• Jeff Bezos: “Alexa, buy me something from Whole Foods.”
  • Alexa: “Buying Whole Foods.”
  • Jeff Bezos: “Wait, what?”

This tweet quickly spread around the internet and perfectly illustrates the topic of this article.

“Conversation as a Platform” and “Conversation as a Service” are both terms that mark the advent of a new interface which may soon supersede good old touch screens.

Currently, using your voice to interact with a service is still somewhat limited to personal assistance, adjusting lights or playing music. But in the future, this interface should take on a whole new dimension and become part of the vast majority of our interactions with smartphones, as well as with other devices and services. And I can prove it, look at the evolution of one of the most famous vocal queries in France (“Call Mom”) on Google Trends since 2004.

Graph presenting the evolution of the query "Call Mom" in France since 2004.

Not convinced? Look around you: smart speakers are already invading our homes – under the names of Echo, HomePod or simply Home – and they come with their own virtual assistants: Siri, Alexa, Cortana or simply Google Assistant. One thing is certain, they will change the way we look for information.

As a matter of fact, a survey conducted by SEO Camp shows that Voice Search is one of the top preoccupations in 2017. Clearly, UX, Web Performances, Semantic Analysis and Net Linking remain at the top. But the fact that Voice Search ranks 5th clearly shows how crucial it will become in the upcoming years.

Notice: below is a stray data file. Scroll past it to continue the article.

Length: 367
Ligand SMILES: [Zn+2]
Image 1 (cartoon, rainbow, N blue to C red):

Voice Search is one of the top 5 preoccupations of SEO-experts in 2017.

Is this development an opportunity or a threat?

An additional channel is, in my opinion, a great opportunity – but you may still need to be won over, as it’s true that these new developments raise a number of questions. For instance, let’s say you’re searching for a restaurant in Bristol on Tuesday evening. You take out your smartphone and type into Google: “Restaurant Bristol Tuesday evening”.

Now, imagine that, instead of typing your request into Google, you simply ask a virtual assistant. This would sound something like: “Cortana, could you find me a restaurant in Bristol that’s open on Tuesday?” Sounds normal, right? A human can type between 30 and 40 words per minute, but can speak three times faster (100 to 150 words per minute). And as you can see in this example, the second request is directly linked to an action. In the world of Voice Searches, this type of request happens 30 times more often.

This is another point to consider – because regardless of your chosen assistant, and even if these two searches are made via Google, the results are significantly different. The reason is simple: the search terms are not strictly the same. Not to mention what some already call the ‘Erudition Phenomenon’: voice queries will be richer, at a lexical level, than their keyboard counterparts.

Amazon Echo Dot

Opportunity #1: a tailored SEO strategy!

A strategy that focuses on Long Tail SEO will have more impact when it comes to voice searches, for as shown in the example above, your audience will gradually adapt their way of searching for information. Queries will become longer, simply due to the fact that users will begin to humanize their interaction with the different services.